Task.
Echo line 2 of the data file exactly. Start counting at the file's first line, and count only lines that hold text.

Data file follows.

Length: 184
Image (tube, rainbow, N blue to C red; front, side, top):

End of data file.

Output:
Image (tube, rainbow, N blue to C red; front, side, top):